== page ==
Then there’s rain

English is a difficult language indeed.
Everyone knows the trouble generated by there, they’re and their. For the record, it’s that middle one that causes most of the problems.
Then we have to, too, and two. Once again, that one in the middle.
And let’s not even talk about its and it’s. The possessive form doesn’t have the apostrophe?
But these examples are fairly common. That’s while the Strunk and White book exists.
There are others, however.
I was going over a student’s essay yesterday and came across the mention of someone having “free reign.”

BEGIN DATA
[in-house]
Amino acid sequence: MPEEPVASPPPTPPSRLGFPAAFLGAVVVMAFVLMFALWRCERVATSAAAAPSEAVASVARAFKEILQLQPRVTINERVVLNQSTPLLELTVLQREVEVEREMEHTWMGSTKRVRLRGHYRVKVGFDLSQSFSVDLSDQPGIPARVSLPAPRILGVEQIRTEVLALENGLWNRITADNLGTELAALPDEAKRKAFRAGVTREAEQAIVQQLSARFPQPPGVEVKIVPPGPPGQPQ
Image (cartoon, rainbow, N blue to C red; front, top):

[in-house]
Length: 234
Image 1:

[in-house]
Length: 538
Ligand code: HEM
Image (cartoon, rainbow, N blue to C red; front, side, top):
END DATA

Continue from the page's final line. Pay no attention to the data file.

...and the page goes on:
“That sort of sounds right,” I said, “but let’s look it up.”
Just as I suspected, the correct term is “free rein,” as in loosening up on the reins of your horse and letting him run free. Some websites admitted, though, that this is a tricky one because “free reign” seems to make sense, like a ruler being free to do whatever he or she wishes.
Neither of these, of course, should be confused with the fact that rain costs nothing, therefore making it too “free rain.”

Ed Ackerman